Collaboration Mechanism IPs+CSOs w/ Government
A successful NDC process should produce three results:
- An NDC that embraces immediate, drastic climate action, in mitigation and adaptation, backed by high-level political support.
- For developing countries, a clear ‘conditional’ NDC with details on how climate finance would be used to advance climate action. For developed countries, an NDC that includes a commitment to providing climate finance based on the stated needs of developing countries.
- For all countries, a clear process to make the implementation of climate action a ‘whole of society’ effort. This should include the development of a consultation mechanism between government and civil society, monitoring and evaluation plans, and an agreement on the periodic review of the NDC in order to improve implementation and increase ambition.
The range of approaches to ensuring continued government-CSO collaboration to address climate change is unlimited. And such collaboration isn’t ‘optional’. Article 12 of the Paris Agreement requires Parties to carry out climate change awareness and education, while ensuring public participation and access to information in creating and implementing the NDC.
Monitoring and Evaluation
Action phases of this website include ‘Checklists for Climate Action’. Action pages list ‘things to look for’ in an existing NDC or national climate action plan. In the Ambition phase, you’re invited to develop ideas for potential new actions and requirements. Every country’s political and economic situation is different enough that general recommendations for engagement are less useful; but one common action all civil society and indigenous groups can take is to develop a monitoring and evaluation plan, based on your major priorities in the NDC. Here are a few suggestions for participating in the development of, and improving, national monitoring and evaluation plan.
- Key Objectives: In some cases you and your team will want to focus on identifying and remedying problems in existing project- and program-implementation approaches – that is, focusing on improving implementation of agreed measures. Another approach would be to monitor current outcomes in order to feed this information back into new and ambitious program approaches.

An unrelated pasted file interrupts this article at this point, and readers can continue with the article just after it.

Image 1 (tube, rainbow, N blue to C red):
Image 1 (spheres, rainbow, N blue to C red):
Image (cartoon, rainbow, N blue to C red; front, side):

- Baselines and data: Do you have good access to the information you need for monitoring and evaluation? What are you monitoring for – ecosystem integrity, community well-being, how climate finance is being spent?
- Stakeholder engagement: Who else should be involved in this effort? Will there be consultations at the regional or local level about monitoring priorities? What’s the role of universities and scientific bodies in this process?
- Create an M&E framework: Once you’ve defined your objectives, gathered the necessary baseline data, and engaged key stakeholders, an M&E framework can be built. That framework doesn’t have to be ‘static’; in fact, the best frameworks will allow for continued learning and improvement, based on observations in the field and how new data informs policy formation and implementation.
- Integrate the framework into national development planning: most governments recognize that climate change is a central challenge of our time; but that doesn’t necessarily means that climate change mitigation and adaptation thinking has made its way into the mainstream of development planning. Civil society has a particularly important role to play here.
Help from CLARA members
CLARA members are active in all regions of the world, and many are already involved in developing climate action plans and responses. If you are interested in guidance or assistance, please contact us at firstname.lastname@example.org.
IIED (the International Institute for Environment and Development) published an analysis of lessons learned from civil society advocacy on climate change, called Southern Voice on Climate Policy Choices. It includes excellent country-level case studies.
The InterAmerican Development Bank (IDB) published a review of government-CSO collaboration on climate in Latin America, Governments and Civil Society Advancing Climate Agendas, which compiles best practices for collaboration.
The involvement of local civil society is particularly important for adaptation. ‘All adaptation is local’, and local groups, including CSOs, are closest to the problem. They can best help to create adaptive capacities and responses within communities. World Resources Institute has a good discussion the necessity – and the challenges – of getting civil society more involved in Adaptation work here. The global network on climate adaptation associated with the International Institute for Sustainable Development has also published useful country level case studies of adaptation responses, including monitoring and evaluation approaches, from Kenya and Colombia.
A summary of the links to pages and PDFs listed on this page.
- Link 1
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- Link 3